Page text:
Who will win out in the with smart phones? I don’t know and I don’t much care, for what I do know is that the one with the best UX for the most people is likely to win and that’s good news for us users.

2 thoughts on “User Experience: it’s features all the way down

  1. User experience, for me, is about ease of use. Yes, there was a lot of awful gushing in that TechCrunch article, but the point with FaceTime is that is *just works*. If I ask my mum to make a FaceTime phone call with me on the iPhone 4 she’ll know how to do it. (And yes, provided we both have iPhone 4s and we both have wi-fi.) However an Android phone? She’ll give up because the tech is not simple enough for her. That’s user experience. It’s not about the tech, but how well the tech works for the user.

    This is where Apple excels. Call me a fanboy if you like, but I can appreciate the bigger picture here. I think the UX for iPhone is targeted towards a broader audience outside the male-dominated geek demographic that Android aspires to. Just look at Apple’s latest FaceTime adverts. Full of emotional appeal targeted at women, fathers, the family. Then look at the Verizon Droid adverts – full of darkness, machinery and robots. They couldn’t be further apart in their approach. The UX a geek will get on an iPhone will be frustratingly limited, but the UX a mother or non-techhead will get from an Android phone will be too feature heavy and confusing. And that’s fine – each to their own. Each have perfectly valid points of view for their personal user experience. It’s not ever going to be Apple or Android and who will win. Both will play important parts in shaping the other.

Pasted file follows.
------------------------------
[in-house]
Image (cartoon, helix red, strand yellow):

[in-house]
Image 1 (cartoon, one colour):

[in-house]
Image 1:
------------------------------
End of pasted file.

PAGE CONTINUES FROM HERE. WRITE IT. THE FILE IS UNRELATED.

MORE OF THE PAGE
2. @Paul,

    Firstly “it just works” is a great soundbite, but it rarely lives up to expectations. I listened to a very positive review of the iPhone 4 on last week’s PC Pro podcast. Their main criticism though was of FaceTime, for it “just worked” only when conditions were perfect, ie two iPhones on the same wifi connection with no firewall to mess things up.

    Secondly, from personal experience, you are just plain wrong regarding the iPhone and Android phones. A couple of non-technical female friends of mine have recently bought iPhones, and both are struggling to get to grips with it. Both report it is far more complex and far less easy to use than a standard phone. At the same time my wife (equally non-technical) bought an Android phone. She too has struggled to get to grips with it, but has found it no more difficult than our friends found the iPhone.

    UX is about designing for a user experience. That user experience can be anything, ease of use being just one option. The difference between UX design and non-UX design is simply that one decides on what the user experience should be up front with the former. With the latter, the user experience is a by-product of the design.